TV's insipid commercials, decoded
A semiotics professor explores the strange new world of subcomedy, from Progressive Auto Insurance to Omnaris nasal spray.
Advertisements are one of the canaries of American culture. And, judging by the six hours' worth of TV ads I watched recently, American culture is being debased by an insidious form of comedy.
This supposed comedy has taken the shape of a celebration of the "blah," a passing off of the insipid in place of actual comedy. I watched scores of commercials. All of them were designed to make me laugh. None did.
I'm a professional semiotician, a reader of signs. Three commercials in particular deserve to be decoded.
There before me, hawking the nasal spray Omnaris, is a platoon of tiny men dressed in physicians' white coats. Overhead, like a subplanet, is a giant pink nose. It takes maybe half a dozen of these doctors-cum-soldiers to hoist aloft a giant spray canister, looking like a NASA rocket booster. The bitty men shove it right up to the nostril above them. "Mission accomplished!" one shouts.
Suddenly dark, hard globules of you-don't-want-to-know-what come plummeting from the huge nose onto the Little Men. [Editor's note: The ad doesn't show this, but, viewed in real time, the spot can create this impression.] One of them cries out: "Incoming!" That's the tag line, the corny add-on that ends so many of these presumptively comic ads, aiming for one last grin in the hope you'll recall the spot.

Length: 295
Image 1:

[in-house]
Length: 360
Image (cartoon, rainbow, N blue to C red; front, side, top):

Let's pause here to remember the classical definition of comedy reconstructed from Aristotle's writings: Comedic art inheres in our pleasure at encountering humans worse than the average – the Ignoble. The comic actor puts onstage the Ridiculous, which is a species of the Ugly. The effect of all this Ugliness? Scornful laughter, mercifully separating speaker, spectator, or reader from the Ridiculous.
But this Omnaris ad doesn't reach this threshold. The white-coated men are too minuscule to be Ignoble. "Incoming" is a cliché from war movies. The globules offend taste. This spot's narrative is beneath contempt. I call it, and its kindred ads, the subcomic. This subcomedy is plebeian and quotidian – never too funny to be distracting.
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